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August 14, 2013
Garner is ready to own his position
Manasseh Garner doesn't want to just play his position. He wants to own it.
"Coach (Mickey) Turner, Coach (Joe) Rudolph, they're continually pressing on me," he said. "They're on me everyday, owning your position, owning your spot, owning what you do well. That's something I take pride in."
Garner will be a focal point of Pitt's offense this season. Playing as an H-back, he'll create mismatches with opposing defenses and have an integral role in the passing game. He has been impressive through the first week of training camp in all aspects of his position, but he said he's still working to own his spot.
"I feel like I'm striving to do that," Garner said. "I'm trying to stay as humble as I can. I won't say that I own it yet, but I'm continually making progress and getting there."
If and when Garner can "get there," he can provide a very dangerous weapon for Pitt's pro-style offense. At 6'2" 230, he has the athleticism of a receiver, the position he played at Wisconsin for two seasons before transferring to Pitt. But his size is closer a tight end, which creates a problem for opposing defenses, since he'll face favorable match-ups this season against cornerbacks, safeties and linebackers.
The coaches will also deploy him a number of ways, too. He can line up like a traditional tight end, flex out wide, go to the slot or even set in the backfield. Garner's versatility should make him more effective in the passing game and, in turn, benefit the offense as a whole.
"I think my role is versatile," he said. "I'm in the box and blocking, and I'm able to get out there and run, get some mismatch situations with corners and receivers.
"The role that I bring to the team is that versatile role, being able to do some things that bigger tight ends might not be able to do and doing some things that the receivers may not be able to do, fitting in between that role of receiver and tight end."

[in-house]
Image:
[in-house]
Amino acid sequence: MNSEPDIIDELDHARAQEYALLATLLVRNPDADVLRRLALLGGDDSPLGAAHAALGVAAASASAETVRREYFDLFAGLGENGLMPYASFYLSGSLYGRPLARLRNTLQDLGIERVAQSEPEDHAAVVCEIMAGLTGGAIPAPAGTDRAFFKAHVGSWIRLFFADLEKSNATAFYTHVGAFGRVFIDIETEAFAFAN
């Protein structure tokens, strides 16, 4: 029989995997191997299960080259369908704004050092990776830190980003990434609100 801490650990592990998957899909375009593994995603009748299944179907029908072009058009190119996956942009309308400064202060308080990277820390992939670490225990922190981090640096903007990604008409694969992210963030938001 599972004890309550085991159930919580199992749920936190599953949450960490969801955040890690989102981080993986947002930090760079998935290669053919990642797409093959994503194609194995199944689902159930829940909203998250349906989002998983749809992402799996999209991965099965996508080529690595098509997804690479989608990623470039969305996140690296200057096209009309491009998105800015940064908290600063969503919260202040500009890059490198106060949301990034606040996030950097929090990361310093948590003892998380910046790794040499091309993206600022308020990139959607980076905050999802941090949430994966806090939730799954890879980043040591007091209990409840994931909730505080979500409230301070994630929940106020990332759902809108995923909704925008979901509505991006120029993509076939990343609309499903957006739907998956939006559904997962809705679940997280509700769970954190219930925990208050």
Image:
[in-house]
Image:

Even though he is a talented receiver, the biggest improvement Garner can bring to the position is his blocking ability. Last season, with Drew Carswell playing H-back, Pitt's offense was limited in running situations due to Carswell's lackluster blocking.
But with Garner in the mix, Pitt doesn't have to substitute tight ends between running and passing downs. He can effectively block for the running game and then do damage in the passing attack without the offense having changed personnel.
Garner's versatility is part of what should be an effective tight end group. He and sophomore J.P. Holtz and incoming freshman Scott Orndoff provide different skillsets, but they're not worried about the competition at the position.
"We don't really look at it like that," Garner said. "We all bring a different aspect to our position whether it's blocking, being a better pass protector, being able to run better routes. We all bring different aspects to the tight end position.
"Just me, I feel like I'm able to bring some of my receiver qualities that I learned as a receiver, playing receiver for two years, so I'm able to bring that to the tight end position. We all have things that we're better at, and we're able to feed off each other every single day."
There are several questions surrounding Pitt's passing game in 2013. The Panthers will be breaking in a new quarterback, most likely fifth-year senior Tom Savage, but there are doubts on the receiver side as well.
Devin Street returns to build on his 73-catch, 975-yard and five-touchdown performance in 2012, but the rest of the position is full of questions. The next leading pass-catcher coming back is Holtz with 13 catches for 173 yards and three touchdowns, and Pitt doesn't return any wide receievers who recorded a reception in 2012 beyond Street and redshirt senior Ed Tinker, who caught five passes last season. (This doesn't include Ronald Jones, since he's suspended for the 2013 season.)
Garner has the potential to answer some of those concerns with his unique skill set and could finish as one of the team's leading receivers, but the redshirt junior isn't putting any undue pressure on himself.
"Not at all; each and every day I come out here and attack practice," he said. "I really don't try to put pressure on myself by thinking what the outside world thinks, or what they expect out of me because that's not my job to do. I just try to focus on my assignments and do what I do. What I'm able to do is give my all. Whatever comes out of that, that's what fans are going to see."
Regardless of what happens, Garner's excited to get back on the field. After sitting out the 2012 season due to NCAA transfer rules, he eager to play and contribute to the offense.
"It's a lot of anticipation for me, a lot of excitement," he said. "Being able to sit out last year was a blessing because I was able to get my body healthy, just build off some of the things I needed to get better at to transition into this position. It was a blessing in itself, but I'm very hungry right now. I'm just taking each and every day of these camps. It's a grind but I'm taking it all in and moving forward."